The sterile nurse and other unique residents of the OT

As neurosurgery takes a seasoned cast and crew. And a ceremony marked by detail and diligence

When a friend inquired who would operate on a common buddy’s spinal cord tumour, I said, “Of course, me!” He was only expressing the confusion most regulars experience when a loved one is wheeled into the operating theatre (OT).

I realised, not everyone knows what goes on inside.

So, here’s a little peep.

A patient is usually wheeled into the bay area of the OT early morning. This is where the ward nurses transfer information to the OT nurses, offering details about the patient’s identity, hospital ID, allergies, etc. Meanwhile, the anaesthesiologists chat up the patient to make sure all investigations are in order, check vital parameters. And off the patient goes into the main OT.

The room is usually freezing at 16 degrees, and patients are offered a warm blanket. They lie on their backs staring at the ceiling while the staff goes about its business. Some go silent and quietly follow instructions. But, I’ve also had patients who weep or laugh uncontrollably.

Meanwhile, the scrub nurse prepares a trolley decorated with instruments. The circulating nurse is a goafer available for last-minute requirements, handing them over to the scrub nurse who is sterile (not physiologically, of course).

The anaesthetists simultaneously prepare their trolley, loading up medication as the OT technician sets the operating table for height and function. The anaesthetists fix and secure an intravenous and intra-arterial access after hooking up the patient to the various ECG leads. We usually say, “Sweet dreams!” to the patient before they are given a cocktail of the ‘happy stuff’ that knocks them out. The breathing tube is inserted and the patient is connected to a ventilator. While this is being done, the neurophysiologists connect their electrodes to monitor the motor and sensory function of the patient under anaesthesia, in case we need to operate close to vital structures.

When I’m operating on the brain, I check for the side I need to operate on more than once before I mark the incision spot on the head. An operation on the spine requires a cut down the centre; otherwise, I’m paranoid about operating on the wrong side. Cardiac surgeons are eternally grateful that they never have to face this problem.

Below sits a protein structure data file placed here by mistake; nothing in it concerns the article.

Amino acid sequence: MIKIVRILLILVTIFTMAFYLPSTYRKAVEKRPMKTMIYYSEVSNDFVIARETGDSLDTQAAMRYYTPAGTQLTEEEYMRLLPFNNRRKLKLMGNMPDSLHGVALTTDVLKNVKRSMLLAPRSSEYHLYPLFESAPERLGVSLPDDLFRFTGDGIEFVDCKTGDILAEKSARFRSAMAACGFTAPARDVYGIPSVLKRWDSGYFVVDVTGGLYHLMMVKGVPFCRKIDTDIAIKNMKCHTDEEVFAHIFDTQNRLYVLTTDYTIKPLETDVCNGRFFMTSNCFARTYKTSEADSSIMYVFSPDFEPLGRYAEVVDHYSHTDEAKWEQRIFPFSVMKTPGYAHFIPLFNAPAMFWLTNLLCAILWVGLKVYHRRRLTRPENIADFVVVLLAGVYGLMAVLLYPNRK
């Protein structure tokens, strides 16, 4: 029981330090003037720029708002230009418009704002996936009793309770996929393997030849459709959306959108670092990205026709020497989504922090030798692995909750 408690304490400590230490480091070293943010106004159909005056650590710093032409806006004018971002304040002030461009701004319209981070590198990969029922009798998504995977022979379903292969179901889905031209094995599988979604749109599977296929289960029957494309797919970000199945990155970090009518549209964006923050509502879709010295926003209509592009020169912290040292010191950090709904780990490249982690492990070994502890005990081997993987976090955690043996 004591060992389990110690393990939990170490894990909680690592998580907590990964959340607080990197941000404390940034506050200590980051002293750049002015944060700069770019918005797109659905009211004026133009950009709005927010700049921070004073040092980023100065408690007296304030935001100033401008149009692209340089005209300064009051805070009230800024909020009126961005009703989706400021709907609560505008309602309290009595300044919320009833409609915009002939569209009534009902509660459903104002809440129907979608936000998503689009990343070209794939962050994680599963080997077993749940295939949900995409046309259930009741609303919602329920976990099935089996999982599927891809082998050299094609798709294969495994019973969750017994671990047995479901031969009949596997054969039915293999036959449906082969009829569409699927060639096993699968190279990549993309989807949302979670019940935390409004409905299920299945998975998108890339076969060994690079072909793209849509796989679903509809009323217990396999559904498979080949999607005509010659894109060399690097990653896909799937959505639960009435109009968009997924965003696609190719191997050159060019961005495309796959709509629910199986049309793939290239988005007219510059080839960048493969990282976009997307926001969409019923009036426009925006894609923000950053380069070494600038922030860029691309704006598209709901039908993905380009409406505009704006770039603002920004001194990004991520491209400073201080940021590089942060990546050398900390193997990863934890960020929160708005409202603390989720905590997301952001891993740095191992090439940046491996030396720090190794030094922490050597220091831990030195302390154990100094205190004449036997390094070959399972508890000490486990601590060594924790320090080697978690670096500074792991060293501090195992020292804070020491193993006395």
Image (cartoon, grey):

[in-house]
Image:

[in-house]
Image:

Another nurse inserts a urinary catheter, and once the patient is ready to be positioned, at the count of three, we turn the patient on the back in one swift move. Respective teams recheck if all paraphernalia is still connected, the position is optimal and the knees and elbows are padded to prevent undue pressure. The X-ray machine is brought in to confirm and mark the desired level we plan to open up to.

Then, the circulating nurse calls for a ‘time out’. Everyone stops what they are doing. As funny as it sounds, we check once again that this is the same patient we need to operate on and that the hospital ID matches.

“Name of the procedure?” the lead nurse calls out clearly, silencing everyone in the room as she goes through her step-wise checklist. “D10-12 laminectomy and excision of intramedullary spinal cord tumour,” I say.

“Sterility confirmed?”

“Yes,” says the scrub nurse.

“Any equipment issues?”

“No,” she says.

“Not yet!” I interject, knowing that something might need reworking.

“Antibiotics administered?”

“Yes,” say the anaesthetists.

“Anticipated blood loss?”

“200 ml,” I say. This is usually followed by a smile from the anaesthetist. Surgeons constantly underestimate the amount of blood they will lose in an operation; it’s an
ego issue. Anaesthetists are overcautious about ensuring that adequate blood is arranged for; it’s a safety issue. And this is reason for friendly banter.

“Okay, you can proceed,” is the close of the circulating nurse’s checklist.

We scrub the back with three solutions for 10 minutes, while one of us gets ‘washed up’ and ready to place sterile drapes on the patient. There is usually a primary surgeon who performs the operation, while an assistant surgeon helps. Depending on the ease of the procedure, we swap steps if we are training a colleague or perform tasks simultaneously to speed things up. The mood and tone of the conversation during surgery varies with the complexity of the procedure, the quality of the scrub nurse, how well the surgeon and anaesthetists get along, and so on. Once we are done, we place a dressing over the wound, carefully flip the patient back, and prepare to remove the breathing tube.

Once the patient is partially awake, we check to see if they are able to move their arms and legs adequately. I usually leave the OT with, “Thank you, everybody” and head out to talk to the family, while the patient gets cleaned and mobilised to the recovery area.

This is how we do it, every day, sometimes three times a day. Each day brings with it another patient, another family, and another chance to make a difference to a life.

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